Our method was developed using a pathogen mimetic system consisting of polystyrene beads coated with Internalin A (InlA), a membrane surface protein from Listeria monocytogenes known to trigger receptor-mediated phagocytosis. We were able to independently measure the rates of internalization, phagosomal acidification and phagosomal-endosomal/lysosomal fusion in epithelial cells by combining the InlA-coated beads (InlA-beads) with antibody quenching, a pH sensitive dye and an endosomal/lysosomal dye. By performing these independent measurements under identical experimental conditions, we were able to decouple the three processes and establish time scales for each. In a separate set of experiments, we exploited the phagosomal acidification process to demonstrate an additional, real-time method for tracking bead binding, internalization and phagosomal acidification.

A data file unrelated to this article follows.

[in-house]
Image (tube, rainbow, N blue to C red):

Using this method, we found that the time scales for internalization, phagosomal acidification and phagosomal-endosomal/lysosomal fusion ranged from 23–32 min, 3–4 min and 74–120 min, respectively, for MDCK and Caco-2 epithelial cells. Both the static and real-time methods developed here are expected to be readily and broadly applicable, as they simply require fluorophore conjugation to a particle of interest, such as a pathogen or mimetic, in combination with common cell labeling dyes. As such, these methods hold promise for future measurements of receptor-mediated internalization in other cell systems, e.g. pathogen-host systems.